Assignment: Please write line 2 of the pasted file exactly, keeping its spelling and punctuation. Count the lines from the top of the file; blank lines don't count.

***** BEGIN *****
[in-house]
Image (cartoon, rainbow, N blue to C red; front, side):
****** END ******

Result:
Image (cartoon, rainbow, N blue to C red; front, side):